Teremok - Baba Yaga - Russian folklore poem

Russian Folklore Poem: “Cream of Fool Ivan: A Recipe”

Today’s poem was actually published! The e-zine Quantum Fairy Tales included it in their Winter 2016 issue. BUT, alas, that issue (with the entire e-zine, it appears) is now little more than a broken link.

For that reason I expect no one will mind if I re-post “Cream of Fool Ivan: A Recipe” right here. >=)

To be honest, though, “Cream” is really less of a poem and more of a joke thrown into verses. And to get the punchline, it’s best to know a few things about folklore, especially Russian/Ukrainian folklore.

Crash Course in Russian Folklore

Baba Yaga Illustration - Russian folklore
Baba Yaga coming to get YOU! Either that or she’s really into her mushroom-picking.

Actually, you just need to know the cast of characters:

Baba Yaga (Баба-Яга) – The quintessential wily-wicked-witch of Slavic folklore. She lives in a little wooden cottage that stands on chicken legs, and she travels around in a mortar and pestle (because a broom is just way too Western Europe). In folktales, she can be a helpful ally to the hero, but often the hero or heroine has to outwit her in order to avoid becoming lunch. She’s not immune to the Hansel and Gretel treatment.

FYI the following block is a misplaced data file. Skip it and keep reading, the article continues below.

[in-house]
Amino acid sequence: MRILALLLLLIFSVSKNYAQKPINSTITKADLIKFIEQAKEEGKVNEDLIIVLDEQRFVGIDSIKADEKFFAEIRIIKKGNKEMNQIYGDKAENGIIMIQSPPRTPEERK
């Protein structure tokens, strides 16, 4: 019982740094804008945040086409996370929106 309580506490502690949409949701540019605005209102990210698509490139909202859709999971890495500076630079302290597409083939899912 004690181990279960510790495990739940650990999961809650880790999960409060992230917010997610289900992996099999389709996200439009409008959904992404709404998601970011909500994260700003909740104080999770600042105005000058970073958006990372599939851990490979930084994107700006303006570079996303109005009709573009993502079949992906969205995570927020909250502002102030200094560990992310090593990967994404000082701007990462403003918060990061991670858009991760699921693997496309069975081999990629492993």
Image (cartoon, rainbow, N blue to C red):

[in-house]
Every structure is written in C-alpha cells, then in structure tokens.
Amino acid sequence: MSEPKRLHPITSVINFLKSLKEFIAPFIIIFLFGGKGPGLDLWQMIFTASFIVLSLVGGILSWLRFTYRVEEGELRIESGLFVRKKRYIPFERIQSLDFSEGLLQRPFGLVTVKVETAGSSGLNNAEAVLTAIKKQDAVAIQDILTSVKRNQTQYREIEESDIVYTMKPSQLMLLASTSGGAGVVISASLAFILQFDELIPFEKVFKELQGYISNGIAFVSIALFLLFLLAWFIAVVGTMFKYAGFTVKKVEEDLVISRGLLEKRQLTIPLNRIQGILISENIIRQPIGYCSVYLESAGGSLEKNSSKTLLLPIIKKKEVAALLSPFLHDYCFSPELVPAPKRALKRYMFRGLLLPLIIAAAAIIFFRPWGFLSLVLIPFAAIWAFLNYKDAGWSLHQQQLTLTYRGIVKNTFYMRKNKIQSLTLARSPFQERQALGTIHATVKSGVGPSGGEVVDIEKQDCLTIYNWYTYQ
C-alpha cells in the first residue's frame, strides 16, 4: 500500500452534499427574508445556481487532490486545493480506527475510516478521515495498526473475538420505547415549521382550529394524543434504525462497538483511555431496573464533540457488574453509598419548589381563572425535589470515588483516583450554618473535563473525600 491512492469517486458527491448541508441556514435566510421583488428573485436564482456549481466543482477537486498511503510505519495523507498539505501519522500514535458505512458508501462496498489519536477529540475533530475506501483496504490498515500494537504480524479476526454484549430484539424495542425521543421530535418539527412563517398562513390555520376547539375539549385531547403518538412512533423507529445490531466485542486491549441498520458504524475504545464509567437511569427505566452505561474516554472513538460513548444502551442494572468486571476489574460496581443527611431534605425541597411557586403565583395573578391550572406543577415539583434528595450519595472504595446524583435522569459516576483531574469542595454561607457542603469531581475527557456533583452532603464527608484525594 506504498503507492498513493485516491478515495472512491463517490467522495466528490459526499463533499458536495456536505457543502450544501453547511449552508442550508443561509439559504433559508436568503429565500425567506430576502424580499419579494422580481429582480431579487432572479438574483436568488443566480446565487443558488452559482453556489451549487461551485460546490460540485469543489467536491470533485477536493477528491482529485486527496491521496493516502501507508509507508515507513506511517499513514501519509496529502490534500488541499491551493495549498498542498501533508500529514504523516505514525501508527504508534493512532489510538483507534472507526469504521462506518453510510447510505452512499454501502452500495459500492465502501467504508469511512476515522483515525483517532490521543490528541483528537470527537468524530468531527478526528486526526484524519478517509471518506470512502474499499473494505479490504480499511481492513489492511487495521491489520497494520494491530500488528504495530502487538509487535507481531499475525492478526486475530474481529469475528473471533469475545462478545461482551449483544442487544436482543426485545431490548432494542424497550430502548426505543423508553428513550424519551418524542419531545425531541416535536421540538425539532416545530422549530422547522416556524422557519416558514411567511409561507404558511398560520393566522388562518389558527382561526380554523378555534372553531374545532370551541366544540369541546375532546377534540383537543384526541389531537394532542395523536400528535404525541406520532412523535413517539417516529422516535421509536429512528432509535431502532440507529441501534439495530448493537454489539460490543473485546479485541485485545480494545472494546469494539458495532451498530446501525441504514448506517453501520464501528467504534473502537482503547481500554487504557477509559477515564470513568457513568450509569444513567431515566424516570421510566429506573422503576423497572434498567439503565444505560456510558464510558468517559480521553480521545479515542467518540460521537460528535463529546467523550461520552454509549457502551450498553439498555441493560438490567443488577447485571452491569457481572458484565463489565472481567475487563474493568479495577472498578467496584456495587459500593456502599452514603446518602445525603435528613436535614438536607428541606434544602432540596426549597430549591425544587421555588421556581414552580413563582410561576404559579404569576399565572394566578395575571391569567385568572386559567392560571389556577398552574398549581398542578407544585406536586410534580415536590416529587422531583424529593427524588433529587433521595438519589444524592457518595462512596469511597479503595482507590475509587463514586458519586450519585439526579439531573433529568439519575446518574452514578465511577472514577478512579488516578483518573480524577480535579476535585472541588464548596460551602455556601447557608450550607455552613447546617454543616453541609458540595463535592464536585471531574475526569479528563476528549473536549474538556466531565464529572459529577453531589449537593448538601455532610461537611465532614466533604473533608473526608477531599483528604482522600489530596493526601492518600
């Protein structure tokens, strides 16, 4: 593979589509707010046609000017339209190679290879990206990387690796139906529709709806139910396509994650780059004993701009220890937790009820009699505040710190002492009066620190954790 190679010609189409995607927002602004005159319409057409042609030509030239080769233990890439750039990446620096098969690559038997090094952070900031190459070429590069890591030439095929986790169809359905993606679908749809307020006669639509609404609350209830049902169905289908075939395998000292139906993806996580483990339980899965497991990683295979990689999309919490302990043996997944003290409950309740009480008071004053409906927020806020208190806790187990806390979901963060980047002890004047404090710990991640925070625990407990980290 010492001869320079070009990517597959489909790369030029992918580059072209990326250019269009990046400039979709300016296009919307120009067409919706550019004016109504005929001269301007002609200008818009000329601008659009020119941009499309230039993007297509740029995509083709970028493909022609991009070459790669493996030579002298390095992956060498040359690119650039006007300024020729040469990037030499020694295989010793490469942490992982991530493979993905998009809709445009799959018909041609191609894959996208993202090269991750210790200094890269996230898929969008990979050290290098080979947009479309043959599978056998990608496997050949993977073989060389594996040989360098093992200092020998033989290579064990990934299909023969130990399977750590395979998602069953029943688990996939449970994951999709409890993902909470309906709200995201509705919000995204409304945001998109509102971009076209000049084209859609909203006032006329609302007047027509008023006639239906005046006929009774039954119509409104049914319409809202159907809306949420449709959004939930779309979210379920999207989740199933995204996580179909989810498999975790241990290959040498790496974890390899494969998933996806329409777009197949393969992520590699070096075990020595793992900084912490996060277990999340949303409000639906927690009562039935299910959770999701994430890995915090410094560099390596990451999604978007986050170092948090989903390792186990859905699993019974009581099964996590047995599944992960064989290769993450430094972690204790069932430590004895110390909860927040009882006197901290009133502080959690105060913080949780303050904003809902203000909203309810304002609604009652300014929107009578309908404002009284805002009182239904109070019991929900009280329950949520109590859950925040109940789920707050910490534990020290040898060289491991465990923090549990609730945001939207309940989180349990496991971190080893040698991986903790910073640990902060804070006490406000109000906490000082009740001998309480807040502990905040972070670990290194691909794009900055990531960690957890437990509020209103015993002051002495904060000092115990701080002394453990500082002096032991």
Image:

Ivan the Fool (Иван-дурак) – The quintessential youngest-son hero of Slavic folktales, who often appears in stories with Baba Yaga. He’s not so much foolish as simple and naive, and most of his success comes from a combination of dumb luck and/or help from magic horses, firebirds, and other creatures that know a whole lot more than he does.

Leshy (леший) – The forest spirit of Slavic folklore, just as ambiguous as Baba Yaga. He can be helpful, or he might tickle you to death. Also, if you take anything from him — including hospitality — it might come back to bite you in the form of wolves making off with your best cow.

Vodyanoy (водяной) – The uber-creepy water spirit of Slavic folklore, lurking in rivers, ponds, wells, and maybe even that old tub in your backyard? Anyway, he’s responsible for drowning people, and that’s about it. I don’t know any stories in which he is anything but malevolent.

Borscht (борщ) – OK, so, soup isn’t a folklore character, but it’s a traditional Ukrainian/Russian dish that forms the basis of my witch’s recipe. Just as the recipe suggests, it’s best enjoyed with a dollop of sour cream. 🙂

So now, without further ado, my semi-poetic parody on all of that:


Cream of Fool Ivan: A Recipe

To a boiling beetroot stew, add:

a pinch of the skin of the teeth
of mountain air (Caucasus ©, fresh)
four tails of witches sopped in milk of bear
one eye
two cups of twice-minced rain
from a mountain’s shadow (dried)
five field-mice stuffed with labor pains
and a cowherd’s neighbor’s wolf, best full of cow.

Stir in
one tickled-to-death
one drowned-in-a-puddle
and of course, one Fool Ivan
(de-veined; remove the horse).

For garnish, sour cream—two dollops set aside.

Stoke high the fire;
avoid the oven.

I can’t stress that last note enough.


🙂

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